I have a family heirloom. It is an antique pitcher, designed to resemble a pine cone. It was made in England and brought into the South on a blockade runner during the War Between the States. Its contribution to the Confederate war effort is a little uncertain, but it is a beautiful work of craftsmanship. It came to me from my father's mother, and so is a symbol of the blood ties that ground us in a place and ethos that shape who we are.
And all of that is lost on me.
See, I'm somewhat shallow. If I am going to display a symbol of my heritage, I want it to be an object of lethal force, something that shows that heroic, warrior blood flows in my veins. I want to have something like the three .54 caliber Burnside bullets that were pulled from my great-great-great grandfather after his fell deeds at Antietam. I want a sword that led a desperate charge against Sherman's legions. I want a bayonet that was wielded in the Wilderness.
And that's not just to ease my insecurities. The bayonet and the sword would come in very handy if I were to find a neighbor throwing his grass clippings into my yard or if I needed to strictly enforce bedtime rules on young children. "Yes, this sword was repulsed at Cemetery Ridge many years ago. But it shines in victory after the battle of 3546 Spring Haven Drive! Never again will this hallowed ground be sullied by the clippings of 3544 Spring Haven Drive!"
I suppose I could invent a story in which the pitcher is somehow pivotal to Rebel success. I suppose I could tell people that during the Battle of Chancellorsville, General Robert E. Lee was pacing anxiously in his tent, his mind unable to focus on the task at hand, his subordinates worried. "Just look at this tent," Lee would say. "It's decor is just hideous -- almost tacky! And no Persian rugs or throw pillows will change that! How am I supposed to lead an army from such a ghastly domicile?!" Just then a courier comes up with a bundle under his arm. "General Lee, sir," the courier would say, "I have the parcel from Charleston that you sent me to get." "Oh, thank heaven," Lee would say, "I hope it is what I think it is. IT IS! Just look at this pitcher! Isn't it fabulous! Let me put it right here, and ... THERE! Doesn't my tent now just look amazing?! And that pine cone shape gives me an idea ... yes ... YES! Tell General Jackson to attack the Yankee flank through the forest. That should fix them!"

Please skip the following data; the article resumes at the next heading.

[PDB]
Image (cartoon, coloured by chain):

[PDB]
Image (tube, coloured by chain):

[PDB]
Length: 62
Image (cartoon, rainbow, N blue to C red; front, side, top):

Or something like that.
If I find a group of re-enactors that's as gullible as Florida real estate virgins, I might be able to bootleg the pitcher into a mock battle. Just how I'll do that would require handful upon handful of psychoactive drugs, but I can just see it now: An officer in gray stands before his troops, exhorting them to glory. "Gallant soldiers! Now comes the time when our valor must be summoned! The time when we must endure the perils of battle to protect our homes, our families, our wives and our children. We must throw back the invaders, or see all that we hold dear be destroyed. What lies before us is the sting of combat -- the haze and acrid smell of gunpowder, the screams of the wounded and the dying, the blood of comrades. But should the haze, the smell, the screams and the blood become to much for you, I want you to remember that behind you Corporal Parnell will carrying a pitcher of his delightful margaritas that might give you just enough refreshment and liquid courage to fight on."
Such an act would have a pretty short life, unfortunately. Sooner or later, a more conscientious and savvy band of re-enactors would come along. They might first observe my contribution with the bug-eyed bemusement that Warner Brothers cartoon characters do so well. But inevitably, their leader would bellow in a voice that would stifle a cannonade, "Boys, we finally get to do a live-fire exercise! I want you to put real ordnance in your muskets, and I want you to shoot the pitcher ... and shoot the man holding it!" Or perhaps he would just insist on a firing squad for me and the pitcher.
But the pitcher does not belong near a battlefield. As I said, it is a beautiful work of craftsmanship. I suppose the only hope left for me is to see whether I can finagle a set of silverware from the family treasure. You know, something that can be melted down and turned into a sword or bayonet.